To determine the expression of α subunits and different isozymes of Na+, K+– adenosine triphosphatase (ATPase) in human corneal endothelial cells (HCECs).
Immunoblot and RNA analysis of Na+, K+-ATPase α subunit expression were performed in preparations from HCECs that had been immortalized by transformation with simian virus 40. Na+, K+-ATPase activity was determined by constructing dose-response curves for the ouabain inhibition of Na+, K+-ATPase activity in human corneal endothelial cells.
Both messenger RNA analysis and immunoblot studies indicated that HCECs express ATPase catalytic α1 and α3, but not α2 and α4, subunits. A limited amount of α3 subunit was expressed in HCECs compared with the α1 subunit. Biochemical analyses of Na+, K+-ATPase activity revealed 2 independently active Na+, K+-ATPase isoenzymes, a low-affinity site with a kinetic parameter for ouabain inhibition constant (Ki) in the micromolar range and a high-affinity site with a constant Ki in the nanomolar range. These 2 sites may be associated with α1 and α3 isoforms, respectively, expressed in HCECs.
Human corneal endothelial cells express α1 and α3 isoforms of Na+, K+-ATPase, and both polypeptides are catalytically competent in these cells. Defining the components of Na+, K+-ATPase in HCECs is an important step toward elucidating the mechanisms that regulate corneal endothelial ionic pump function as well as the pathogenesis of corneal diseases associated with corneal edema.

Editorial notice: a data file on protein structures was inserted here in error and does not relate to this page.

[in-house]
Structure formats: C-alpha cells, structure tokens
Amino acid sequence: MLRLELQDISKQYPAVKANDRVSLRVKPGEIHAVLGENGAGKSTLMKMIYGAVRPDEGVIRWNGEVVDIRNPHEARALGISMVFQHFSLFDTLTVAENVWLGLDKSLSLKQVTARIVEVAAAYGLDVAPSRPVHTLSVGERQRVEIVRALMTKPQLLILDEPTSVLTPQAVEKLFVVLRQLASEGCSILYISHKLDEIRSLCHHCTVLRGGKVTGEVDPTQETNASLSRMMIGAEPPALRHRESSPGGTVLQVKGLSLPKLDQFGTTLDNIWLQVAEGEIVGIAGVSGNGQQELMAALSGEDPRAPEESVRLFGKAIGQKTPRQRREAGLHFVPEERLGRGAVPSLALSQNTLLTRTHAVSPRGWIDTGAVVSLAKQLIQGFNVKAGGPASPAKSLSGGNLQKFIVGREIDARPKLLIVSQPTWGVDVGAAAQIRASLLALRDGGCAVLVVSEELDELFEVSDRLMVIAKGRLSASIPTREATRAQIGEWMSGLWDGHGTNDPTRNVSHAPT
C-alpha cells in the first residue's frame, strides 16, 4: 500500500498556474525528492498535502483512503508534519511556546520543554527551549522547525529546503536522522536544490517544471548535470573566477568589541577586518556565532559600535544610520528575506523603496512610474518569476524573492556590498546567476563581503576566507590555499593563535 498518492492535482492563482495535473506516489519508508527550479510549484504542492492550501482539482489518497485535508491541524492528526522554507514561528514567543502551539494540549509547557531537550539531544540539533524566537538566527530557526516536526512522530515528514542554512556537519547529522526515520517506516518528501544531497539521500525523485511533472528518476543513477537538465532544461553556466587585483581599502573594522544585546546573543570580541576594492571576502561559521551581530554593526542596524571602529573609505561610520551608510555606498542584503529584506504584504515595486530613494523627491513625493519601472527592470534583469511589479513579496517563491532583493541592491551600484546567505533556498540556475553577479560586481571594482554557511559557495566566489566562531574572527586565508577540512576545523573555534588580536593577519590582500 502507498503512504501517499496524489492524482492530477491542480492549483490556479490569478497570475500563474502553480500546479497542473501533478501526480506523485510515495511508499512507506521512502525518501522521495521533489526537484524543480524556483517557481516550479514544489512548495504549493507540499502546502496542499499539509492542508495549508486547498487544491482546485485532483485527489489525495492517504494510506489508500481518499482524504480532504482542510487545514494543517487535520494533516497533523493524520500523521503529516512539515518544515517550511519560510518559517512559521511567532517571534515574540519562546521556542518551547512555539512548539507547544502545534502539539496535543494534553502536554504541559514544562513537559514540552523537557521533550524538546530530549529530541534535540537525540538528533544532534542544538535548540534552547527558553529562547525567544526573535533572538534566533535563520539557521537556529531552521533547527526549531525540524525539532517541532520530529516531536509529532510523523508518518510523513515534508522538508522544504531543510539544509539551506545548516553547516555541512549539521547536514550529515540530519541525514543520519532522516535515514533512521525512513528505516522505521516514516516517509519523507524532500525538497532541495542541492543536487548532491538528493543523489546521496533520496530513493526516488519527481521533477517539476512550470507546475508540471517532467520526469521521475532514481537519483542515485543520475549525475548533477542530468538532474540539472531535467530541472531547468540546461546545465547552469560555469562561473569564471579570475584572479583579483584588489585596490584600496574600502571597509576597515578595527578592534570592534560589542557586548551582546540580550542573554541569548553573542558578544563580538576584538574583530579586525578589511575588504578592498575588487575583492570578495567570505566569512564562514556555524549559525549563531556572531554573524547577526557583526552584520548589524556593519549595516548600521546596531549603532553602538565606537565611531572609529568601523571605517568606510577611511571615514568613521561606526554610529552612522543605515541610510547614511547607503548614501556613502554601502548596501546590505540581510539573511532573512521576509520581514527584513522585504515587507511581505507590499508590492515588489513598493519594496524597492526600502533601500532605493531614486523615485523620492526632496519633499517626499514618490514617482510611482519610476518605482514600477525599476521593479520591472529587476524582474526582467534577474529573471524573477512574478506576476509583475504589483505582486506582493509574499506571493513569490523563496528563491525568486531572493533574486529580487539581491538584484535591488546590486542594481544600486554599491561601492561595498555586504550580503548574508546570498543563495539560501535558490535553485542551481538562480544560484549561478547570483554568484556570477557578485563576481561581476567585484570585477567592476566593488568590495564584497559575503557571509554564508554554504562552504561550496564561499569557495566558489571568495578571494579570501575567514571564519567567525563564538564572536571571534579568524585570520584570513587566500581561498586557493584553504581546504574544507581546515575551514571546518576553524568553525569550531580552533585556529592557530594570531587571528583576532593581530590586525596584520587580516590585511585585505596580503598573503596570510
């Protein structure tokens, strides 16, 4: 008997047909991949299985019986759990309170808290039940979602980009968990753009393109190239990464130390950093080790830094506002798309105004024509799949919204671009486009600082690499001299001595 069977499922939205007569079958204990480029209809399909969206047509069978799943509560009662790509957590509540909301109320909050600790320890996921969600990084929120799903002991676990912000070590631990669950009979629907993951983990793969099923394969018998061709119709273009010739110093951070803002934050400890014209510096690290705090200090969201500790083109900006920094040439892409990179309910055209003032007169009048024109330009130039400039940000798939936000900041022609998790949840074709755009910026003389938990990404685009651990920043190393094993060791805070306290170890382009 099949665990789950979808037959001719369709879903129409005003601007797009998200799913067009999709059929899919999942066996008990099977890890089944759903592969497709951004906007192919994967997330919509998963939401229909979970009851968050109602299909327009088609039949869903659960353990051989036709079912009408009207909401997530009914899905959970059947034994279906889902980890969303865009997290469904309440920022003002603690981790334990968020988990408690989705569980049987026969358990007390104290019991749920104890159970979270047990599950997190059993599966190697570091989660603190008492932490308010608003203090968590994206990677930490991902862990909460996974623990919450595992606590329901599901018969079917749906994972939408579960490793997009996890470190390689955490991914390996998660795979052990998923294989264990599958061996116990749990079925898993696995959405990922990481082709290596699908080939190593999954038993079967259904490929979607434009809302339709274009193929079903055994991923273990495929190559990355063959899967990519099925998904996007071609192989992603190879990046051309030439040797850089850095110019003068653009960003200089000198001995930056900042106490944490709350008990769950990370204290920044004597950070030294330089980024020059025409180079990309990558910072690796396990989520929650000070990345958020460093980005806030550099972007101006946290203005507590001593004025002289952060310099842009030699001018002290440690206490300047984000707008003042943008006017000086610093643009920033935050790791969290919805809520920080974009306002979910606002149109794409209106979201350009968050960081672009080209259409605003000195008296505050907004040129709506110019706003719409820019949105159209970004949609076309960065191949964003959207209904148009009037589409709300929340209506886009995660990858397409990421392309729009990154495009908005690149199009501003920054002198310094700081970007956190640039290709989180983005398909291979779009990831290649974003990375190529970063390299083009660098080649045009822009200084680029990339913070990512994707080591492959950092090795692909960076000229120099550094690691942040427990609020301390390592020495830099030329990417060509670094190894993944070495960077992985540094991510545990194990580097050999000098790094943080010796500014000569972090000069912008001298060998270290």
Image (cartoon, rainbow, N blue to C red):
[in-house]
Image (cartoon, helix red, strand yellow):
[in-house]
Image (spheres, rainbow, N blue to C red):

THE CORNEAL endothelium is essential for the maintenance of normal corneal hydration, thickness, and transparency.1,2 Corneal transparency is achieved by precise arrangement of the collagen fibers within the corneal stroma and depends to a great extent on the maintenance of a relatively low level of stromal hydration. The corneal stroma tends to imbibe water owing to the charge characteristics of the proteoglycans present within the structure. The continual movement of water into the stroma would lead to stromal swelling and loss of transparency if mechanisms were not present to remove fluid from the stroma. The endothelium has been shown to be responsible for maintaining stromal hydration by the activity of ionic pumps. A variety of studies suggest that metabolic energy is needed to maintain normal corneal thickness, 3,4 and this energy requirement has been shown to be associated with the activity of Na+, K+– adenosine triphosphatase (ATPase) pumps located in the basolateral membrane of the corneal endothelial cells at an intensity of 1.5 × 106 pump sites per cell.5-7 These ATPase pumps are believed to function by creating a net ionic flux from the intracellular to the extracellular milieu. The osmotic gradient produced then causes water to be drawn passively from the stroma to the aqueous humor.8-10